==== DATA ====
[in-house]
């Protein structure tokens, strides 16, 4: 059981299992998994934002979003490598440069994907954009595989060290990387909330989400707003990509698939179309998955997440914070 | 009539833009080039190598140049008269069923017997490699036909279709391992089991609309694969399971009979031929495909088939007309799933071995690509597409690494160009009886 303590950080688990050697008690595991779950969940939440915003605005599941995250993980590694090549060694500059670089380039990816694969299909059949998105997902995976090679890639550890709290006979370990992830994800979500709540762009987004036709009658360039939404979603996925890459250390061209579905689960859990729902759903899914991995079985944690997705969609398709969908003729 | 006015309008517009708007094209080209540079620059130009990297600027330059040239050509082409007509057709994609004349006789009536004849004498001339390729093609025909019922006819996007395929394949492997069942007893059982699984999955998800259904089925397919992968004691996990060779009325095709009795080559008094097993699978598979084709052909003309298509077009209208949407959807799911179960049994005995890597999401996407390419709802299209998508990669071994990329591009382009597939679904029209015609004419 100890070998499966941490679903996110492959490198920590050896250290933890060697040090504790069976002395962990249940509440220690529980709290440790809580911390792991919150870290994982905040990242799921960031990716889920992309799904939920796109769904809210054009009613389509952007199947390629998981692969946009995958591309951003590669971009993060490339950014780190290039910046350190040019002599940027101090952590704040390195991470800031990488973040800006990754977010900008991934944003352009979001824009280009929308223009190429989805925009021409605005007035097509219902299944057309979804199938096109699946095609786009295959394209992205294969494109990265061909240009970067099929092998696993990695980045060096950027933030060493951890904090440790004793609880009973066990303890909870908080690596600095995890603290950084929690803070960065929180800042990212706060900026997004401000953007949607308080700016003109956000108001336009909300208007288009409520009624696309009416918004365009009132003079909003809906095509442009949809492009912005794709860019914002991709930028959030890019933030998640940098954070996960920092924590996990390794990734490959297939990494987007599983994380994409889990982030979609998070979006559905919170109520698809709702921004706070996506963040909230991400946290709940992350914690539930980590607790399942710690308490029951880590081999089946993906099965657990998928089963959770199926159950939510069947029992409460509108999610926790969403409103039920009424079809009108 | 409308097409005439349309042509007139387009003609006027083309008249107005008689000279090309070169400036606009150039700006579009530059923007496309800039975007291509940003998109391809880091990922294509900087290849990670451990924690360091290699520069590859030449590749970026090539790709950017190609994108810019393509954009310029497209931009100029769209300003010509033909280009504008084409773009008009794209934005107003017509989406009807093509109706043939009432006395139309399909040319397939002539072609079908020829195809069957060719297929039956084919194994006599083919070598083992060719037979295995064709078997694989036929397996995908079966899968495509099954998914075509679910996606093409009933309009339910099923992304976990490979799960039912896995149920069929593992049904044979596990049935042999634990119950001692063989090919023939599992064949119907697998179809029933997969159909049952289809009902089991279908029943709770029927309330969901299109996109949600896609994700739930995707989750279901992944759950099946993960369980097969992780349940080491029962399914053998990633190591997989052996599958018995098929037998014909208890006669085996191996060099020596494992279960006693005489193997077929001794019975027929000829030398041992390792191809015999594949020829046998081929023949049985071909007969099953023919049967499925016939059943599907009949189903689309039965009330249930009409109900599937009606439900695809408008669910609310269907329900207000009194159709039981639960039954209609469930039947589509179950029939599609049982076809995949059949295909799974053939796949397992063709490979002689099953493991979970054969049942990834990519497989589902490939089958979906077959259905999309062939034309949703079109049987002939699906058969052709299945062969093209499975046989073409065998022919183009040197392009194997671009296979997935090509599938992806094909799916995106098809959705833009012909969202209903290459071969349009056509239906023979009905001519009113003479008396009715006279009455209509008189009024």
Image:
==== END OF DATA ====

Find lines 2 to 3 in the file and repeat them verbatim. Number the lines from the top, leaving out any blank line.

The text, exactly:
């Protein structure tokens, strides 16, 4: 059981299992998994934002979003490598440069994907954009595989060290990387909330989400707003990509698939179309998955997440914070 | 009539833009080039190598140049008269069923017997490699036909279709391992089991609309694969399971009979031929495909088939007309799933071995690509597409690494160009009886 303590950080688990050697008690595991779950969940939440915003605005599941995250993980590694090549060694500059670089380039990816694969299909059949998105997902995976090679890639550890709290006979370990992830994800979500709540762009987004036709009658360039939404979603996925890459250390061209579905689960859990729902759903899914991995079985944690997705969609398709969908003729 | 006015309008517009708007094209080209540079620059130009990297600027330059040239050509082409007509057709994609004349006789009536004849004498001339390729093609025909019922006819996007395929394949492997069942007893059982699984999955998800259904089925397919992968004691996990060779009325095709009795080559008094097993699978598979084709052909003309298509077009209208949407959807799911179960049994005995890597999401996407390419709802299209998508990669071994990329591009382009597939679904029209015609004419 100890070998499966941490679903996110492959490198920590050896250290933890060697040090504790069976002395962990249940509440220690529980709290440790809580911390792991919150870290994982905040990242799921960031990716889920992309799904939920796109769904809210054009009613389509952007199947390629998981692969946009995958591309951003590669971009993060490339950014780190290039910046350190040019002599940027101090952590704040390195991470800031990488973040800006990754977010900008991934944003352009979001824009280009929308223009190429989805925009021409605005007035097509219902299944057309979804199938096109699946095609786009295959394209992205294969494109990265061909240009970067099929092998696993990695980045060096950027933030060493951890904090440790004793609880009973066990303890909870908080690596600095995890603290950084929690803070960065929180800042990212706060900026997004401000953007949607308080700016003109956000108001336009909300208007288009409520009624696309009416918004365009009132003079909003809906095509442009949809492009912005794709860019914002991709930028959030890019933030998640940098954070996960920092924590996990390794990734490959297939990494987007599983994380994409889990982030979609998070979006559905919170109520698809709702921004706070996506963040909230991400946290709940992350914690539930980590607790399942710690308490029951880590081999089946993906099965657990998928089963959770199926159950939510069947029992409460509108999610926790969403409103039920009424079809009108 | 409308097409005439349309042509007139387009003609006027083309008249107005008689000279090309070169400036606009150039700006579009530059923007496309800039975007291509940003998109391809880091990922294509900087290849990670451990924690360091290699520069590859030449590749970026090539790709950017190609994108810019393509954009310029497209931009100029769209300003010509033909280009504008084409773009008009794209934005107003017509989406009807093509109706043939009432006395139309399909040319397939002539072609079908020829195809069957060719297929039956084919194994006599083919070598083992060719037979295995064709078997694989036929397996995908079966899968495509099954998914075509679910996606093409009933309009339910099923992304976990490979799960039912896995149920069929593992049904044979596990049935042999634990119950001692063989090919023939599992064949119907697998179809029933997969159909049952289809009902089991279908029943709770029927309330969901299109996109949600896609994700739930995707989750279901992944759950099946993960369980097969992780349940080491029962399914053998990633190591997989052996599958018995098929037998014909208890006669085996191996060099020596494992279960006693005489193997077929001794019975027929000829030398041992390792191809015999594949020829046998081929023949049985071909007969099953023919049967499925016939059943599907009949189903689309039965009330249930009409109900599937009606439900695809408008669910609310269907329900207000009194159709039981639960039954209609469930039947589509179950029939599609049982076809995949059949295909799974053939796949397992063709490979002689099953493991979970054969049942990834990519497989589902490939089958979906077959259905999309062939034309949703079109049987002939699906058969052709299945062969093209499975046989073409065998022919183009040197392009194997671009296979997935090509599938992806094909799916995106098809959705833009012909969202209903290459071969349009056509239906023979009905001519009113003479008396009715006279009455209509008189009024």
Image: